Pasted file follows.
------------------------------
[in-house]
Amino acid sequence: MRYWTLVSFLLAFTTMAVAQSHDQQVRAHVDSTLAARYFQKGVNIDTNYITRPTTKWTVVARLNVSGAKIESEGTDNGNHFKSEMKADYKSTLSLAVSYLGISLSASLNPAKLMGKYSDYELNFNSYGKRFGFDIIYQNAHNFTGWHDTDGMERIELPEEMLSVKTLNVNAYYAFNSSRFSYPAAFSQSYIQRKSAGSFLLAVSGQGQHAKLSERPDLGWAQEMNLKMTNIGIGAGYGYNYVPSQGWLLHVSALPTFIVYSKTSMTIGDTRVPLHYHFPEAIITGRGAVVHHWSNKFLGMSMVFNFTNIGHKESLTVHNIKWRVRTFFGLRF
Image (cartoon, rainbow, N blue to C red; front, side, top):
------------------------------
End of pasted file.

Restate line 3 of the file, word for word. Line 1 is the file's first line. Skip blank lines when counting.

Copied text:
Image (cartoon, rainbow, N blue to C red; front, side, top):